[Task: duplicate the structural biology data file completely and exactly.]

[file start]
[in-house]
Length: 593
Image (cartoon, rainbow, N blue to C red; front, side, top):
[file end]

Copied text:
[in-house]
Length: 593
Image (cartoon, rainbow, N blue to C red; front, side, top):